Dethroning the Drama Queen

Allow me to begin with a disclaimer: I am new to parenting a teen daughter.

I do not claim to be an expert but rather a newcomer sharing what worked this time and asking for help from other parents who have navigated this path before me.

My daughter is beginning her second year of Junior High. Aside from academics, the biggest topic of the year: DRAMA. Girl drama. Sweet girls who were “BFF” the year before change friends as fast as they change shoes. Hormones rage and moods swing. My daughter is bewildered not only by her friends’ behavior but by her own reactions as well.

Finally, we sat down to discuss the source of drama and how to handle it. In my daughter’s (un)experienced observations, she determined that the source of drama was pride and selfishness, fueled by gossip. Pretty astute for an early teen.

We quickly label our daughters as “Drama Queens” when the reality is they are Drama Princesses. How can we dethrone these Drama Princesses? By dethroning the Drama Queens!

Drama can be exciting; it can shake us out of the mundane. But quickly it escalates in our minds and can consume us.

What are they learning about conflict resolution from us? Are we the Drama Queens teaching or enabling their behavior? What are they watching and listening to? What does the Bible say about resolving conflict and handling drama?


A few lessons and guidelines my daughter and I established:

1. Divert gossip. When a girlfriend shares something not-so-nice about another peer, reply with one of the peer’s positive traits. “Brittany may have made a mistake. Isn’t great that she is always the first to volunteer for the concession stand? What a hard worker.”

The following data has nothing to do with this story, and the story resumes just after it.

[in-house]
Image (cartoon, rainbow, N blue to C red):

2. Examine motives. Why am I getting upset? Embarrassment or injured pride? Loyalty to a friend wronged?

3. No posting snarky remarks on social media, even if you are not using names! Take time to calm down and don’t post “poor me” statuses. Instead, go the old-fashioned route, grab a pen, and write to “Dear Diary.” It does help and allows time to work out emotions.

4. Speaking of emotions, you just can’t trust ‘em. They distort facts and tend to focus on self. One of our favorite sayings: “Cry a river, build a bridge, and get over it.” Identify the emotion and cause, formulate a logical and non-emotional response, and move forward.

5. You can trust an older wiser mentor. Your teen peers are caught in the same hormonal and emotional quagmire and will tell you what you want to hear. Instead, talk to your mom, youth group leader, or someone who you can trust to give you sound advice or help you reason through the situation.

6. Television reality shows and teen soap operas do not show good examples of how to handle conflict. Instead, follow biblical guidelines–they really work! After emotions are in check, prayerfully diagnose any sinful contribution you have made in the situation. Acknowledge and repent before confronting someone else on their sin. If they need to be confronted, present them with truth in love and with gentleness. If they won’t listen, take your wise mentor.

7. It’s OK to move away from an unhealthy friendship, but still be loving and friendly. Set healthy boundaries (“We can hang out together at the mall for a couple of hours but let’s invite some other friends. I think it would be best if my mom drops me so you won’t need to pick me up.”)

Friendships will change, and that’s OK. Treasure the happy times, learn from the disappointing times, and remember Jesus is the friend that will never leave.

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